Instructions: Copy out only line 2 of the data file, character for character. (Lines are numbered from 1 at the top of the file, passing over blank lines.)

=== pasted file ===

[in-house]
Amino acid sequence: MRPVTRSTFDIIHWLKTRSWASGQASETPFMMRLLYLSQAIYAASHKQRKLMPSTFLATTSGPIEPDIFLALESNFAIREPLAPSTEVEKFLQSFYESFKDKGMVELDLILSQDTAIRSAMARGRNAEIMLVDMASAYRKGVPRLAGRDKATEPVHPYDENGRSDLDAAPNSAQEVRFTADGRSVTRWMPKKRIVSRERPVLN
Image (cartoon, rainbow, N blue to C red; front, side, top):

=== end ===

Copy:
Amino acid sequence: MRPVTRSTFDIIHWLKTRSWASGQASETPFMMRLLYLSQAIYAASHKQRKLMPSTFLATTSGPIEPDIFLALESNFAIREPLAPSTEVEKFLQSFYESFKDKGMVELDLILSQDTAIRSAMARGRNAEIMLVDMASAYRKGVPRLAGRDKATEPVHPYDENGRSDLDAAPNSAQEVRFTADGRSVTRWMPKKRIVSRERPVLN